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Colonel Benjamin Church — Church was Governor Josiah Winslow’s principal aide and main military leader during King Philip’s War, and also the later Indian battles King William’s War and Queen Anne’s War. He is considered the father of the U.S. army rangers and a pioneer in Indian fighting tactics (which largely emulated those of the native Americans themselves). His influential book on the topic was called  Entertaining Passages relating to Philip’s War. I am distantly related to him through our common ancestor the Pilgrim Richard Warren.

Captain Isaac Johnson was my (8th) great grandfather. He arrived in Massachusetts with his father and family with John Winthrop’s fleet in 1630. He joined the artillery in 1645 and was made a Captain in 1653. He died in the Great Swamp Fight, which was catastrophic for the Narragansetts,  in my hometown in 1675.

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Mary Rowlandson — Rowlandson, the wife of Rev. Joseph Rowlandson of Lancaster, Massachusetts was captured by Indians in 1675. Her hair-raising account of the experience was published a few years later as  The Sovereignty and Goodness of God: Being a Narrative of the Captivity and Restoration of Mrs. Mary Rowlandson I am distantly related to her by marriage.

Lt. Henry Adams, my (8th) great grandfather, son of the John Adams ancestor I mentioned in this post, was shot and killed by Indians in Braintree in 1676. His wife Elizabeth Paine, my (8th) great grandmother was killed by the accidental discharge of a soldier’s gun a week later.

Lt. William Bartholomew was my (7th) great grandfather. He was made Lieutenant during the Indian raid on Hadley Massachusetts in 1677. His daughter Abigail and 13 others were kidnapped by Indians and taken to Canada. They were later ransomed and returned.

John Woods, my (9th) great grandfather, a founder of Marlborough, Mass was a Sergeant in the war and took charge of garrisoning houses in his area

John Babcock, brother of my (9th) great grandmother Margaret Leland (and son of Westerly founder James Badcock: see this post) served with the Stonington militia and fought in the Great Swamp Fight

James Hadlock, my (9th) great grandfather served under Capt. Samuel Wadsworth and Capt. John Holbrook in 1676.

CIVILIANS KILLED

James Bell, my (9th) great grandfather, killed with 6 other men while working in a field in Taunton in 1676.

Sampson Mason, my (9th) great grandfather, one of the founders of Swansea and Attleborough was killed by Indians in Rehoboth in 1676 and his home ravaged. Not sure if he was a civilian in the context of this war; he had earlier fought with Cromwell back in England. I am descended from Mason along no less than three separate lines, each from a different one of his children.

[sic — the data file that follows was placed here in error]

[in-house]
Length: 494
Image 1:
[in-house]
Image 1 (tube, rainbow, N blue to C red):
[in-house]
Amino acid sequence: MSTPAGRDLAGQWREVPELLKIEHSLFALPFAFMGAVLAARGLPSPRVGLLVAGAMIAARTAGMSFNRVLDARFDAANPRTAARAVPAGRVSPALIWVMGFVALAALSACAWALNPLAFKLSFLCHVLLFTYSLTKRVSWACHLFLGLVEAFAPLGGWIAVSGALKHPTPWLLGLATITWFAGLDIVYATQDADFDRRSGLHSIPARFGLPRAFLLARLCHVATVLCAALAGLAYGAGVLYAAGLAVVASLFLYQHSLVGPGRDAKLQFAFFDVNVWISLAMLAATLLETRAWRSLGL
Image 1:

Nathaniel Woodcock, son of my (9th) great grandfather John and brother of my (8th) great grandmother Sarah was slain by Indians while working in a cornfield in Attleborough in 1676

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At any rate, as I mentioned in the previous post, Woodstock, CT, somewhat in the interior was not founded until 1682. I find the timing interesting. I imagine a lot of new settlement began around this time on what were previously Indian lands.

Though King Philip’s War was pivotal, conflicts with local Native Americans were not over by any means, although it tended now to be on what was now the frontier (Northern Massachusetts, New Hampshire, Maine).

In 1689, over a decade after King Philip’s War, my (8th) great grandfather Daniel Bradley was killed by Indians in Haverhill, Massachusetts at the age of 76. There were subsequent attacks on the Bradley family in 1697, 1704, 1706 and 1708. There is an excellent, vivid account of the attacks here, along with a terrific photo of a real garrison house from the time. Essentially, the house is of brick, with fortified doors and windows, like an armory.

On February 22, 1698, my (7th) great grandfather Samuel Ladd, along with his 20 year old son Daniel and two friends left the safety of their village (also Haverhill) to bring in hay. Indians attacked. Samuel was murdered and Daniel was kidnapped and brought back to the Indian compound in what is now New Hampshire. Daniel escaped soon after but what was caught and tied to a tree for two weeks. A gash was cut into his face and filled with gun powder. He finally escaped for good a few years later, recovered his father’s property and was ever after nicknamed the “Marked Man” for the permanent black tattoo given to him by the natives.